Heart of the Matter

Heart of the Matter photo 2

A heartfelt look by Aaron B. Cohen at the great arc of life through the prism of its details.

Heart of the Matter

Redemption, renewal, reunion

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It seems fitting that my 40th high school reunion (New Trier East, 1971) will take place during the approach of the Days of Awe, in the season of renewal and redemption. Lord knows a little renewal is in order. And who can argue with redemption?

To be redeemed, as has happened every decade during reunions past, is that unique brand of bonding that marks relationships formed in childhood, even if those relationships exist more as memories than as living, dynamic processes. Also to be redeemed is that sense of place that comes from being reminded that you have a history, that your childhood was not some misty dream, and that there are other souls who recall who you were, just as you recall them. To have lived during a time and inhabited a place, long ago if not far away, and to taste periodically of its vintage and of its vestige, is the essence of renewal. For it is the old that is renewed, not the new.

Every 10 years during reunion, I wind up, at the end of the evening, sitting around a table with the kids from the neighborhood where I grew up (Winnetka of all places). Some of them were close friends; others simply acquaintances. Most of them I see only during reunion time. No mind; the thread of the past entangles us, if only for that brief but special hour, in a knot that nothing can untie. We are each others' evidence that indeed we had a youth, that we rode tricycles, that we scraped knees and cried, that our parents called us home to dinner from endless summer evenings, that the smell of burning leaves in autumn burned our nostrils, and burned into our souls a permanent nostalgia for all that is ephemeral, for all that is lost.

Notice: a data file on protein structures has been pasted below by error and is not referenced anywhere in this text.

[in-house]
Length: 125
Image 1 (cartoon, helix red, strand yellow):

I think of the classmates listed as deceased, and look forward to resurrecting their memory, too, with friends with whom I’ll wistfully mourn them. Some of them I recall were lovely girls who I secretly admired, even dared to flirt with. It grieves me that they died too young, and now I can't tell them that they touched my heart.

This reunion, like the others, will come and go in the blink of an eye. It will be a welcome snapshot of who we are, a redemption of who we were, and a renewal, perhaps of friendships, but most certainly of the message, that we should strive to live well, and pray to have our days renewed, as of old.

A message for Tisha B’Av

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The redemptive message of Tisha B'av, which we commemorate next week, must be ferreted from a thicket of woe. And even then, when we find the flower amid the thistle, relief is tempered by a renewed awareness not only of hope, but also of hope’s loss, a permanent fixture, so it seems, in the human condition.

Commemorating the destruction of Jerusalem and the First Temple in 586 BCE, the day, marked by its dirges and the chanting of the Scroll of Lamentations, has come to represent Jewish dislocation and destruction throughout history. But therein lies the paradox: had devastation and exile been one-time events in Jewish history, there would be no Jewish history. That destruction recurs inherently signifies the recurrence of renewal and rebirth. Defeat never is a permanent condition, nor is restoration. As in the seasons of nature, encoded within each is the potential of the other. Both are part of some grand design, a wheel of destiny to which our shoulders, as Jews, are permanently pressed.

As the grand cycle of poems comprising Lamentations implores, as individuals and as a people we are to look within ourselves, in our actions, in our relationships, to ask questions about our fidelity to principles, to determine our role in the cycle. The Jewish people, who throughout history have ascended to glory and descended to the pit, have much to reflect on as we contemplate, once again the strange cycle, at once ominous and exhilarating, that drives our history forward.

Where are we now in this cycle? Weren’t the 19th and 20th centuries tumultuous enough? How alarmed should we be that the eloquent message of the 5th BCE should resonate with such pain and passion today, in the 21st century?

Ours is not to see the future; even in Lamentations prophecy came in for its share of skepticism and critique. Ours is but to build, to do what we believe is right, and, in the words of the Prophet Micah, "to do justice, love mercy, and to walk humbly with the Creator."